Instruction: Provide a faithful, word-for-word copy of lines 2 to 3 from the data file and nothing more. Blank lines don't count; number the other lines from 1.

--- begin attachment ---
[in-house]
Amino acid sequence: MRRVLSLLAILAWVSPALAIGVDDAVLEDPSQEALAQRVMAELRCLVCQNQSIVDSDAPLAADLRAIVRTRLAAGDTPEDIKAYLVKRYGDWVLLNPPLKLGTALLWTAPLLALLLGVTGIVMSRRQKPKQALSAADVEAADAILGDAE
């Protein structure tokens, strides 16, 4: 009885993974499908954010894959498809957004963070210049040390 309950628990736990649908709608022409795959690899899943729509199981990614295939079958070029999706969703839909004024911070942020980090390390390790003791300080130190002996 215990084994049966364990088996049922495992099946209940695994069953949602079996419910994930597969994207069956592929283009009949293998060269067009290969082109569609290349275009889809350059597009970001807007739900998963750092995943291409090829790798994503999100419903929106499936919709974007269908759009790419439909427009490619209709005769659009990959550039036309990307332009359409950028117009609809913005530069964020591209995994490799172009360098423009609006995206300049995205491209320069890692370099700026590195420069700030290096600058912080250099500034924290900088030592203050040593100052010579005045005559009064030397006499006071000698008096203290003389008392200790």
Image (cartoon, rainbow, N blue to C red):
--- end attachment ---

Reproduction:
Amino acid sequence: MRRVLSLLAILAWVSPALAIGVDDAVLEDPSQEALAQRVMAELRCLVCQNQSIVDSDAPLAADLRAIVRTRLAAGDTPEDIKAYLVKRYGDWVLLNPPLKLGTALLWTAPLLALLLGVTGIVMSRRQKPKQALSAADVEAADAILGDAE
């Protein structure tokens, strides 16, 4: 009885993974499908954010894959498809957004963070210049040390 309950628990736990649908709608022409795959690899899943729509199981990614295939079958070029999706969703839909004024911070942020980090390390390790003791300080130190002996 215990084994049966364990088996049922495992099946209940695994069953949602079996419910994930597969994207069956592929283009009949293998060269067009290969082109569609290349275009889809350059597009970001807007739900998963750092995943291409090829790798994503999100419903929106499936919709974007269908759009790419439909427009490619209709005769659009990959550039036309990307332009359409950028117009609809913005530069964020591209995994490799172009360098423009609006995206300049995205491209320069890692370099700026590195420069700030290096600058912080250099500034924290900088030592203050040593100052010579005045005559009064030397006499006071000698008096203290003389008392200790």